In terms of solidly influencing me into what I am and how I do things now? The usual, and rightly so, suspects. Ronnie James Dio, Iron Maiden, Judas Priest, Metallica, Black Sabbath, KISS, Angel — okay, not a usual suspect but goddamn I love them. Dokken. What? Yes, Dokken. Huge influence on me. You’ll never hear it in what I do, per se, but the melody of Don’s voice against music has always spoken to me. Vocally I’ve been inspired by and continue to be inspired by Dio, Phil Lynott, Halford, Glenn Hughes, Steve Marriott, Robin Zander, Paul Rodgers, Brad Delp, Bruce Dickinson, Marvin Gaye, Doug Gray of the Marshall Tucker Band, Peter Steele, Frank DiMino of Angel. Again, I sound very little like any of them, and am barely even worthy to hold their jock straps, but those are singers who had a profound impact on me.

TZR: Do you feel like there was a “glory years” period for metal or have there been good things to every era, even with all the ups and downs?

BB: Everyone has a different “glory years.” Those are the years when we first get introduced to metal and every band, every album, every concert is like discovering sex. You want more and more of it and it doesn’t even matter if it’s great. That being said, yeah, those initial five to seven years especially were huge for me, and just happened to coincide with the arc of  hard rock and metal being the mack daddy of the music world in the 80s. And a lot of that music has stayed with me and I have a lot of love for the way metal sounded at that time from the more melodic bands like Dokken, Zebra and Ratt to the heavier ones, like Motorhead, Metallica, Slayer. But every decade seems to have its good and its bad. The 70s were rife with great hard rock bands. Thin Lizzy, KISS, Deep Purple, Angel, Starz, Legs Diamond, UFO, Judas Priest, Rainbow, Sabbath… Then the 80s had a ton of bands beyond the popular ones. Savatage, Fates Warning, Trouble, Omen, WASP, Accept. There’s always something to discover — Diamond Head via Metallica was a big find for me. Those were the days of college radio playing metal bands I’d never heard of and I’d record off the radio on my boombox, and of blind buying albums because “This is a cool cover! Who’s the band? Candlemass? They look heavy! I’m buying it !” And everything sounds new because it is new to you at that time. You aren’t so jaded at that age.

For me the biggest lull in metal was definitely the 90s.  Sure I had Type O Negative, Monster Magnet, Corrosion of Conformity and Paradise Lost but there really wasn’t near as much coming out that impressed me. Once grunge became the bludgeon that knocked in the head of metal — which not for nothing was weakened by the fat, lazy, predictable music industry — fewer bands that played the styles I enjoyed were putting great records out.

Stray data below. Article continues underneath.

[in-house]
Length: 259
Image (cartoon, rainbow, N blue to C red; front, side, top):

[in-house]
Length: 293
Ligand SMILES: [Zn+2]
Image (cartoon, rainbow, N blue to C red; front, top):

You have to just take it as it comes. There will always be great bands, there will always be shit bands and there will always be shit bands that are perceived as great bands. Hell, I’m still discovering bands from the 70s and 80s every week that I missed. So I’ve no right to complain. There’s enough great metal from the late 60s to today that has been made and it will never die.

TZR: What are you working on now?

BB: To be very frank and honest, I’m working on deciding how long I want to keep doing this. It’s hard to imagine not being part of the creative process and performing, but I’ve kind of reached a point where it’s definitely less fun than work, and I always said the day it wasn’t more fun than work I’d step away for a while. I could spend paragraphs upon paragraphs enumerating the reasons I feel the way I do right now but one thing I can’t stand reading are musicians that whine like babies about how hard the business is. I’ve been fortunate to be a part of some great bands, in Argus and Penance, and the Arduini-Balich album was certainly a career highlight for me. I’ve been to places I never thought I’d get to and I’ve had music I was a part of be important to some folks. I hope to do more of that but I can’t say when or with whom that will be. I’m hoping there will be more music and shows from Argus. We have plans on the table but we’re not in our 20s and it is increasingly harder to maintain forward momentum in the band with us being spread out geographically and everyone having different life responsibilities. Sometimes the real world is more important than the fantasy world we live in in a band and only a fool places more importance on a “career” in music than their family. This all takes sacrifice and I’m okay making sacrifices when I can see that there’s a purpose to it.